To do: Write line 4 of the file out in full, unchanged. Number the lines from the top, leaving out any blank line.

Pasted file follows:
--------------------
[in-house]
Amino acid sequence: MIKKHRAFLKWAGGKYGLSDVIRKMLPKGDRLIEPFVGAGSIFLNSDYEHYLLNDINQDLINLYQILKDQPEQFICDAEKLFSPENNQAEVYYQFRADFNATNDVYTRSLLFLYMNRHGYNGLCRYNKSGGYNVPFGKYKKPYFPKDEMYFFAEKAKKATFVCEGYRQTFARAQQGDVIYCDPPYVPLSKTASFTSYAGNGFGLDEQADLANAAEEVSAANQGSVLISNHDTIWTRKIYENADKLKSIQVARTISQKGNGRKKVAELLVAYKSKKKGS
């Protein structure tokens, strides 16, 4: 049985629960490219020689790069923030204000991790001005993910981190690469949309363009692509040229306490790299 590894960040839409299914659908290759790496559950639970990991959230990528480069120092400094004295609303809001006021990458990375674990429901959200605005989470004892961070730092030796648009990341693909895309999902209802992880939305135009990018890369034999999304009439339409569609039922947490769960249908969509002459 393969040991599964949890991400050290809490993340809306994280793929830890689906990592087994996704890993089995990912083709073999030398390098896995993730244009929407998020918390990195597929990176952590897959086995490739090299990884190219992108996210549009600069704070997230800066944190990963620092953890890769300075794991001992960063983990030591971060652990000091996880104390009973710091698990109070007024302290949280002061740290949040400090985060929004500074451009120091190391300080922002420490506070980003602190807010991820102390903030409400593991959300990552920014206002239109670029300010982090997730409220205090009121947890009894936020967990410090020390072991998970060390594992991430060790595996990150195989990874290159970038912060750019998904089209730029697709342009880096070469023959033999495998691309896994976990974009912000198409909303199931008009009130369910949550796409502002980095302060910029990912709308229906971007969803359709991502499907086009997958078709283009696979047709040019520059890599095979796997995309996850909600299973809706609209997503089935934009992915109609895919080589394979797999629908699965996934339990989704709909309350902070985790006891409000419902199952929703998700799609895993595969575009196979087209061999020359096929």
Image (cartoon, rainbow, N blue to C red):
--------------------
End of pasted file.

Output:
Image (cartoon, rainbow, N blue to C red):